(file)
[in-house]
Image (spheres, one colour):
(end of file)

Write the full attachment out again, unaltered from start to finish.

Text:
[in-house]
Image (spheres, one colour):